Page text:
In a non-stop 36 hour (2 days and 1 night) heroic feat, Charlotte danced in her hometown of Gloucester until she hit her fundraising goal to change her son’s life. The challenge pushed the self-admittedly ‘unfit’ Mum to and beyond her limits, as she danced so that her son might.

The date of this challenge was Saturday 28th May and was held at Gloucester Docks, outside COAL Grill & Bar. Charlotte began dancing at 9am and did not stop until 9pm Sunday evening.

Here’s what Charlotte said before she completed this mammoth challenge,

“When I had Archie in 2011 it was very traumatic for me as I lost a lot of blood. I had to have a transfusion and I wasn’t able to feed him for the first 24 hours and feared for my life and his wellbeing. When I finally did he was absolutely perfect in every way.

Put simply, I was scared. I’m an everyday woman and the sheer scale of the dance-a-thon was absolutely petrifying – but, every time I felt the weight of expectation, I remember that the thought of not achieving our fundraising target for Archie was a million times more frightening.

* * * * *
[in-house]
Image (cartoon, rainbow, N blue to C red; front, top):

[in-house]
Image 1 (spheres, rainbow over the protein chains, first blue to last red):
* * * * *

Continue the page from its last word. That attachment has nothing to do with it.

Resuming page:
For everybody that’s supported us so far, and everybody that supports this challenge and Archie for the future, we cannot thank you enough.”

Even though we’ve hit target, we are still fundraising for Archie’s aftercare and physiotherapy, so if you’d still like to donate, please do.

Wayne Russell, 34, was born and raised in Gloucester. He moved to London in his late teens, and has lived and worked there since.

His sister, Podsmead community hero Carmel Webb, died at the age of 35 on New Year’s Eve 2013, after a 10 year long battle with a rare heart condition. Regardless of her terminal illness, Carmel dedicated her life to charity, leaving behind her a legacy that won’t soon be forgotten.

Inspired and motivated by his sister’s commitment to doing good for the people around her, Wayne decided to run the entire coastline of Britain, all to raise money for Superhero Foundation, so we can help more families.

Wayne started in Greenwich, London on the 6th September 2015 and ran the 5000 miles. Equivalent to 200 marathons, in a very impressive 11 months.

Oh – and he did this all alone whilst recovering from a broken ankle held together by more screws than you’ll find in your local B&Q!